Home > Blank Bible > The Blank Bible Chronicles, Part 2

The Blank Bible Chronicles, Part 2

Last time, I showed you how to remove the cover from your Bible so that it is ready to be taken to a printer and cut. Let me first answer an obvious question.

“What if I use a paperback Bible instead of a hardcover?” Well, in his instructions, Tony Reinke says you do not even have to remove the cover from a paperback Bible. Just take the Bible with you to the printer and then follow the steps illustrated and explained below. Again, we are using The Tony Reinke Method in constructing this blank Bible.

Okay, you should now have your Bible de-covered (if you have a hardcover). Next you need to measure 1/8″ from the binding edge and make a mark. That’s one-eighth (an eighth) of an inch. If you go any further than that you run the risk of ruining the Bible and having to start the entire project over. This is where I made the goof that ended up ruining the first Bible:

My goof - 1/4
See it LARGE

As you can see, I made my mark at 1/4″. That’s one-quarter (a quarter) of an inch. Yes, I know, the place on the tape measure is actually 1-1/4″, but if you measure with the 1 as your zero mark, it is actually 1/4″. But to get back to the point, make sure you mark your Bible 1/8″ from the binding edge. For those of you who can’t read tape measures, start at the 1 and then count the little lines in between the numbers. Count to the 4th line and then stop, marking your bible above the 4th line on the tape. If you get to the line in the picture, you have gone too far, count 4 lines back until you are halfway between the 1 and my mark in the picture.

The reason for not taking more than 1/8″ off is so that you have plenty of room in the margin for the spiral binding holes to be punched. Any more than that and you run the risk of the holes punching through the words on the binding edge! That was the main problem with my first attempt. I’ll show you how I ruined it for good in the next post.

Now, you are ready to take your Bible to be cut. To have the Bible cut, I went to Kinko’s on Bardstown Road. The assistant manager (also named Tony, incidentally) helped me through the entire project. On the way to Kinko’s, stop at Office Depot or Staples or somewhere like that and pick up a couple of reams of acid-free paper. A “ream” of paper is a pack of 500 sheets. Get the lightest paper you can buy as a ream, which is 20 lbs. Brightness doesn’t matter that much. I bought a 3-ream box of 20 lb., 110-brightness paper for $15 at Office Depot. I won’t ever buy those $6 or $7 packs of printer paper again, I’m buying the box from now on, it’s cheaper. Also, if you want your own covers, you will need to get a vinyl cover while you are at Office Depot or wherever. Kinko’s has some, and they are nice, if you want to use theirs.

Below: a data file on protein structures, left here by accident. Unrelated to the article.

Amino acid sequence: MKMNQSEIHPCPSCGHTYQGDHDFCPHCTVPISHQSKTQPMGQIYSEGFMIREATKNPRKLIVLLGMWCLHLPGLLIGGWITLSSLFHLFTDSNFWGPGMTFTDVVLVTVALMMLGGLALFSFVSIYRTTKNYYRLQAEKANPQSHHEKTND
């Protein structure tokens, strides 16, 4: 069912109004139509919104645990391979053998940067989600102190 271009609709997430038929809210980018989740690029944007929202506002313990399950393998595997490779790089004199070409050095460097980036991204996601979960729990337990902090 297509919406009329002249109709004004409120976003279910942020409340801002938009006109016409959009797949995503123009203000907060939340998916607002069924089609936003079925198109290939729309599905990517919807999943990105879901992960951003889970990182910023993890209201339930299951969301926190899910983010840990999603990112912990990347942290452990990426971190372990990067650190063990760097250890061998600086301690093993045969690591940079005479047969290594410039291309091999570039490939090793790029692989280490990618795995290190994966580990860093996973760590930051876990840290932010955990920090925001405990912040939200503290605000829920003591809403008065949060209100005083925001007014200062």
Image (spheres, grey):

Once you have your paper and Bible, and have arrived at Kinko’s, have the clerk cut the Bible first. This will allow you to take an accurate measurement of the dimensions of the Bible so that the blank pages can be cut to size. Explain to them that you want 1/8″ cut off of the binding edge, and make sure they know to clamp the Bible down as tightly as they can so that the machine does not stair-step cut the binding, which will result in a ruined Bible for you.

When the clerk brings back your cut Bible, inspect it to make sure the cut is clean, and then measure your “brick.” My successful Bible came out to 8″ x 5-3/4″ (that’s eight inches long by five and three-quarters of an inch wide). Again, if you can’t read rulers or tape measures, have the clerk measure it for you. You are now ready to have the paper cut to size.

I suggest you give the clerk 2 reams of paper minimum. That way you have extra blanks for stuffing or future use. If you use a Bible similar to the one I used in my second attempt, you will actually get 2 exact sized blanks to one sheet of paper and won’t need the extra ream in order to have plenty of extra blanks. But if you have extra blanks cut, you will have plenty of blanks for stuffing the Bible, and you will be able to replace any Bible pages that get ruined in subsequent steps or pulled out of your blank Bible in the future. More on that in the next post.

Once the paper is cut, double-check to make sure it is sized properly. You may have blank pages a little wider than the Bible pages. That’s ok, if you want — I left my blanks slightly wider than my Bible pages. Otherwise have the clerk take off more until the blank fits exactly. I’ll tell you how to deal with slightly wider blanks in the next post.

Do not go ahead and have the holes punched in either the Bible or the blank pages!  This will potentially throw you off completely and result in a ruined Bible, ruined blanks, or both — meaning you’ll have to start over!

I couldn’t give you any pictures of the cutting process for obvious reasons; most businesses won’t allow you to photograph their technology or their work while it is being performed. I decided not to run the risk of being told “no” and left the camera in the bag at this point.

In the next post, I will show you the “stuffing” process; that is, putting the blank pages into the Bible!

Categories: Blank Bible

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